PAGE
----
Appropriateness of Radiology Procedures Performed in Children With Gastrointestinal Symptoms and Conditions

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Abstract

BACKGROUND & AIMS:

Exposure to ionizing radiation from diagnostic imaging procedures (DIPs) has been associated with an increased risk of cancer in children. In particular, gastrointestinal imaging has been identified as a significant factor that contributes to exposure of children to radiation during diagnostic procedures. We performed a longitudinal assessment of gastrointestinal-associated DIPs to identify practices that might be targeted to reduce exposure of pediatric patients to radiation.

METHODS:

DIP insurance claims from 2001 through 2009 were obtained from an Independent Physicians Association in a large US metropolitan area. We retrieved and analyzed Current Procedural Terminology codes, associated International Classification of Diseases, 9th Revision, codes specific for gastrointestinal symptoms and conditions, and patient demographics associated with DIPs from insurance claims data.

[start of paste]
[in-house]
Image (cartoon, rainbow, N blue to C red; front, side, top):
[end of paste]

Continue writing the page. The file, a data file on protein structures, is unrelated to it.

RESULTS:

Overall, 11,473 DIPs were performed on 6550 children with gastrointestinal symptoms; 1 in 30 patients received a DIP for a gastrointestinal complaint. Over the study period, the proportion of higher-radiation DIPs (computed tomography, fluoroscopy, and angiography) increased. Higher-radiation DIPs for gastrointestinal symptoms were performed more frequently in older children and in boys in the emergency department and in inpatient settings for diagnoses of abdominal pain, appendicitis, and noninfectious gastroenteritis.

CONCLUSIONS:

Higher-radiation diagnostic imaging accounts for an increasing proportion of imaging procedures among children with gastrointestinal symptoms, even though these often are not recommended for evaluation of gastrointestinal disorders. Clinicians should be aware of these findings when ordering DIPs for gastrointestinal complaints, and clinical practice guidelines should be created to reduce diagnostic imaging–related radiation exposure in children.

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